Scroll through your social media feed and you’re bound to see it: an envy-inducing photo of a friend soaking up the sun on a giant swan-shaped pool lilo, cocktail in hand. Or a heart-pounding video of a daredevil with feet strapped to a hover board, performing tricks over the water. From extravagant to the futuristic, water toys are not what they used to be, with innovations ranging from motorcycles that morph into jet skis to electric wakeboards that don’t even require a boat for you to catch air.
John Courtney of FunAir, which has inflatable slides, floating islands with climbing walls and James Bond-worthy jet-packs among its offerings, says the water-toy industry is a fast-expanding one. “People are always looking for a new experience,” he says, “whether it’s at a resort, yacht or their home.”
One of the first serious jetsetter toys was the JetLev personal flying machine: a contraption that straps on your back, siphoning a jet ski’s power through a hose to send you 50ft into the air at 47mph. Another was Zapata’s Racing’s Flyboard, which uses similar technology, but with a board strapped to your feet, allowing you to soar 40ft into the air and do flips.
Today, almost as cool are electric-powered surfboards and wakeboards, which negate the need for a boat, or even waves: the Onean electric surfboard, for instance, which cuts through the water using jet-propulsion at speeds of up to 32mph, and the Radinn Wakejet Cruise, which gives boarders the freedom more commonly found in surfing – except controlled by a wireless remote.
According to Jessica Engelmann of Northrop & Johnson charter broker, having an ample toy chest is the key to a successful boating holiday. “A good toy chest has at least two waverunners, a tender, towable rafts, paddleboards and wakeboards,” she says, “and a really great toy chest might have something like a drone, and a waterslide and flyboard.” The company’s 39m Revelry, for instance, comes with an inflatable blob launcher, a hoverboard and a waterslide.
A key trend, says Sam Powell, director of Superyacht Toy Shop, is toys that are easy to transport and easy to use, like the latest Live Paddle Board, which is hard to fall off, and the new Hobie Mirage Eclipse Stand Up Pedalboard, which combines a paddleboard and bicycle.
Dual-purpose tenders have also become popular in recent years. Although they’re not a new concept (in 1961 the first German-built Amphicar made a splash at the New York Auto Show, and one even crossed the English Channel in 1968), today’s land-to-water vehicles are substantially faster. Today’s Gibbs Biski motorcycle can travel at a speedy 80mph on the highway and continue into the water at a respectable 37mph.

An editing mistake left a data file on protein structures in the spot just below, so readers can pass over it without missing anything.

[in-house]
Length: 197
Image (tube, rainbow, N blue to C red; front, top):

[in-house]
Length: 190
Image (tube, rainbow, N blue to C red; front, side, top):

The shape of boats has also transformed substantially. The futuristic-looking Kormaran, for instance, can morph from a monohull tender to a catamaran or a trimaran, and by unleashing hydrofoils can fly more than 3ft above the sea. The 13m Wider 42 can be transformed from a high-performance, narrow carbon hull to a vessel 18ft wider in anchorage, at the flick of a button, “so you can not just get there before your friends,” says Jeremy Roche of Wider Yachts, “but be relaxing on a spacious deck, with your champagne open, as they arrive.”
And while it’s pleasurable to have a yacht, it’s not essential in order to enjoy water toys. There are plenty to have fun on for landlubbers, says Engelmann, ranging from “fun floats in your pool, like the swan lilos and Seabobs that are easily transported, to GoPros and drones, which keep getting more sophisticated.”
Not all the drones she recommends are airborne. The Orak Hydrofoil Drone from by Parrot, for instance, works much like a vamped-up boat, controlled by your smartphone, which can do stunts and take photos as it glides at 6mph: all ideal fuel for Instagram. And once people have seen something on social media, Courtney adds, and imagined themselves taking part, “it’s a small step to wanting a water toy themselves.”
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